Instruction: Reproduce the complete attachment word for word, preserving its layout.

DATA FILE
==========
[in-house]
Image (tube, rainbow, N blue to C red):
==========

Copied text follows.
[in-house]
Image (tube, rainbow, N blue to C red):